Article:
Iron Genie at the Museum of the History of Science, Oxford

Image Copyright Museum of the History of Science, Oxford photographed by  Keiko Ikeuchi

Image Copyright Museum of the History of Science, Oxford photographed by Keiko Ikeuchi

On Tuesday 8th July we installed my Iron Genie harmonograph at the Museum of the History of Science, Oxford. This interactive kinetic sculpture will be in the museum’s “Top Gallery” until the 21st. September as part of its ongoing “Art@MHS” programme. I shall officially be there to talk and demonstrate on Saturday the 19th July, the 16th August, and the 20th September. The rest of the time the machine will be operated by Ella Raff, a graduate specializing in the history and philosophy of science at Cambridge. Her magic way of engaging audiences with the machine was immediately apparent – here she is with a group of young people soon after we had finished setting it up. Follow the tweets at @MHSOxford or see the official museum blog.

Ella Raff (far right) helping some young people make drawings on the harmonograph

Ella Raff (far right) helping some young people make drawings on the harmonograph

I have written quite extensively about the harmonograph and the processes that went into the design and fabrication of Iron Genie in previous posts, and in my official website,  where there are links to the most relevant posts.

A weekend spent polishing with old-fashioned stove-polish and brasso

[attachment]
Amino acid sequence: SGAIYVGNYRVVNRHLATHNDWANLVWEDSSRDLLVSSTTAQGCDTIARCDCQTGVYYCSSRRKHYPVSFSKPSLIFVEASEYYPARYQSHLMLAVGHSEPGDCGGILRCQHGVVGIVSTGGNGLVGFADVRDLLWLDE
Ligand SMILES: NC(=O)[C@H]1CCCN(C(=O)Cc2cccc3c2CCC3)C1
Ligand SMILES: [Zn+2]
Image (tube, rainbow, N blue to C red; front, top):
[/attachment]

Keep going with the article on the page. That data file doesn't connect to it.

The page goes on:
A weekend spent polishing with old-fashioned stove-polish and Brasso

I could not have hoped for a better venue in which to launch the Iron Genie. From concept and design to fabrication, it took  some eighteen months to create, with the input of four senior technicians at Central Saint Martin’s, and a hefty weight of  lovingly hand-crafted steel, brass and zinc. Having had a thorough polish over the previous weekend, this handsome Beast now sits in glory in the company of one of the world’s finest collections of historic scientific instruments. There are, for example, nearly two-hundred astrolabes, and if you cannot see the impressive display in person, you can visit the museum’s online exhibits and find out more about them. Even though I am not party to the mysteries of reading these fascinating devices, I am entranced by their sheer beauty and craftsmanship, and could not resist taking some close-up photographs:

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I feel rather covetous of some of the drawing instruments, in particular this marvellous inlaid metal writing box with compasses and dividers:

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And I would love to get my hands on this machine for drawing curves and ellipses:

DSC_0261Reminiscent of the blackened steel fabrication of the Iron Genie, inspired as it was by the ‘over-engineered’ mechanics and aesthetics of the Industrial Revolution, are the many massive workings of tower clocks displayed at the museum. Here is one below – and I can’t wait to start experimenting with some fancy gears for my next project!

Massive iron gears from one of the tower-clock working at the MHS Oxford

Massive iron gears from one of the tower-clock workings at the MHS Oxford

Postscript: Check out John Baez’s article about this, with mathematical analysis, on His Azimuth blog post ‘The Harmonograph’

Also Kalliope Monoyios on the Scientific Americal Blog Network Can Machines Produce Art that Moves Us?’

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